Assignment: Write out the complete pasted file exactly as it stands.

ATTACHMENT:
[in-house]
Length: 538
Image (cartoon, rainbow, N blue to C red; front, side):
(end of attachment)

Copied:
[in-house]
Length: 538
Image (cartoon, rainbow, N blue to C red; front, side):